Practice Perfect 822
The One-Pager

In Practice Perfect 756, I discussed recommendations for how students should study during rotations. I still find those recommendations helpful, so I suggest students take a look. Perhaps not surprisingly, an addition to these recommendations is also helpful for residents: the one pager.

It often surprises me just how inefficient many of my learners are with their studying. I’m entirely certain that I was just as inefficient when I was a student and resident and looking back, I sometimes wonder how I made it through my training having learned anything! I thought I “knew it all” back then, but the older I get the more I realize how poor a learner I actually was. If I could go back and do it all again my methods would certainly be different. Today, when working with residents in my program, I’ve become somewhat more tyrannical in forcing them to adopt a particular method during our academic sessions called the One Pager. This is a method to create a study document that may be referred to later to make resident studying more efficient and effective. 

I have to give credit to two individuals who brought aspects of this to my attention (this isn’t my idea at all – much smarter people than me came up with these ideas). Lawrence Harkless, DPM, founding dean of the WesternU College of Podiatric Medicine taught students to “read to completion” where he listed certain subtopics within a primary topic students should read and document when studying (see below). Denten Eldredge, DPM, suggested our residents with the Chino Valley Medical Center residency create a single document, boiling down the most important points during our academic sessions, encompassing the main topic of the month (the residency has a single podiatric topic each month covering all pertinent disorders during the 36-month training). These excellent ideas created the foundation for a potentially effective learning and studying method – as long as learners take advantage of it!

When creating the one-pager, the sections you will cover for any single pathology are as follows. 

Clinical Presentation
Nonsurgical Treatment
Surgical Treatment
Outcomes and Complications

Creating a document is actually very easy. First, keep a document open as you read a particular source. As you read, write down the main important facts for each section as you come upon them. Remember to keep the information short and concise. Second, think about the information and what it means. You’ll find this will stimulate more questions that will require further research into the medical literature (something residents should be doing every single day of their residency). The entire idea of this is to create a concise reference document that covers a topic in detail, so you never have to go back to those original sources. Remember, we’re looking for efficiency since residents don’t have time to reread sources multiple times.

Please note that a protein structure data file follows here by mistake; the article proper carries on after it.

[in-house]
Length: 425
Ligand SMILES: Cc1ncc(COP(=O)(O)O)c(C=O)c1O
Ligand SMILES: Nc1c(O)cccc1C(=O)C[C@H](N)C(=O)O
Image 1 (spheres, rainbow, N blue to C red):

The one-pager is a concise reference document that covers a topic in enough detail that you almost never have to go back to the original sources.

I added a references section at the end because you never know when you have to find an original article. As I do some lecturing, it’s important that I’m able to find the original citation.

What method you use to create the document is entirely up to you. I like a program called Notability, which allows the use of a stylus to write notes. Additionally, the format you use is also your choice. You can use a linear style or even something less structured, such as a mind map with lines connecting ideas like the spokes of a wheel. It’s entirely up to you – use what works best. Whatever method you use, though, it should be fast and efficient. 

Click on the link for a basic example. The topic of this month for my residents is Charcot arthropathy. As I read our assigned literature, I took notes. You’ll notice my document is incomplete and pretty rough looking, and there are lots of topics still to add. This document represents information acquired after two sittings (reading a McGlamry chapter and looking up an article about the pathophysiology of Charcot), so there’s still a lot to fill in, but it’ll give you the idea.
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I have two final pieces of advice to close out this discussion. First, keep a “Questions” area available to jot down topics and questions that you’ll look up later to fill in the blanks in your knowledge. Second, consider working as a team with your coresidents to create these one-pagers together. As your residency progresses, fill in the blanks as future questions arise, and new information is learned. By the end of your program, you will have created the only source you will need to study for board exams. 

Best wishes on your future studies.

Jarrod Shapiro, DPM
PRESENT Practice Perfect Editor
[email protected]

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